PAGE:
Getting up on an elephant is no easy task, as the gal found at one of the world’s most unusual luxury resorts, Anantara Golden Triangle Thailand Resort & Spa. First, put on your mahout trousers, shapeless blue cotton things big enough for a sumo. They come with fixed ties. Put on, ties at back, wrap folds in front, bring the ties round and tie. There you are. Next, find an elephant, with a professional mahout to keep him or her in order. Your animal should be lying down. Step up on one of its knees and then heave-ho, over you go.
This is the home of the Golden Triangle Asian Elephant Foundation, founded in 2006 by the marvellous Anantara brand owner, Bill Heinecke, to take baby elephants off the streets where they were begging for their owners. Thailand’s elephants are Asian, much smaller than African elephants (memories of my last trip to Botswana). These are almost tamed, and they live in harmony with their owning mahouts and the mahouts’ families. The juveniles, up to about seven years, sleep, one leg chained, in stalls like stables next to the mahouts’ homes, which traditionally are wood and thatched, one floor and raised about 12 feet off the ground. There is a mahout village, with 25 elephants and 30 mahouts and their families, as part of the Anantara. The mahouts’ families get health insurance, and their kids are sent to school. Well done Bill.
Elephants cost from a million baht ($32,000) and they are generally owned by their mahout and assorted family members. The mahouts are with them by 7 a.m. That is when we went out, to collect the adults who had been wandering wild in the jungle – they all seem to gather together by that time anyway. Adults only sleep three to four hours a night, of which only one hour is lying down (I guess that, unlike humans, they will not fall over if they are sleeping standing up). They have some similarities with humans, like reproductivity between early teens and early 40s and a life-span to early 80s, but unlike most of us they eat non-stop, like about 250kg a day.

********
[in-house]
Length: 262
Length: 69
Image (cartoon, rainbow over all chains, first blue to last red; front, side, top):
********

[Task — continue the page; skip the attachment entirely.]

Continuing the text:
Every year Bill Heinecke’s Director of Elephants and Conservation Activities, John Roberts, has to find 70 more mahouts and 52 elephants to truck in to Hua Hin for the annual King’s Cup Elephant Polo Tournament, which this year is August 28 to September 1st. The 2013 sponsors include Audemars Piguet, Bangkok Bank, Casillero del Diablo, Johnnie Walker Blue Label and Mercedes Benz. All the teams pay handsomely to enter, and the final gala’s auction raises valuable funds for the Foundation. All those staying here, at Anantara Golden Triangle Thailand Resort & Spa, are on an extremely generous all-inclusive basis, which includes a donation to the Foundation.
Of course once up on my elephant, we did not exactly gallop. The command goy, slow down, just was not needed. This 41-year old was slowest of the seven in our convoy. A snail could have raced it with comfort. When eventually we got to one of the 160-acre resort’s ponds, I dismounted before my lovely steed went in for its bath, and a jolly good hard scrub with a real scrubbing brush. Elephants do not sweat and in this heat they need two to three baths a day. One trick is suddenly to snort out from their trunk, which sprays all over anyone standing near – the trunks are bone-free, but each has over 30,000 muscles.
John Roberts is based here, at this luxury hotel. How did he get to be elephant king? After graduating in engineering back in England he was a firefighter in the US before graduating to firelighting as conservation control in Australia. That led to studying tigers in Nepal, and the easiest way to do that safely is on elephant back… so here he is. He has a new assistant, Sophie from Melbourne, an elephant lover from Melbourne who found him via twitter. The only other non-Thai among the 180 who run this amazing place – of which more, tomorrow – is Marion Newell, a New Zealand accountant who needed a change after 17 years of dairy.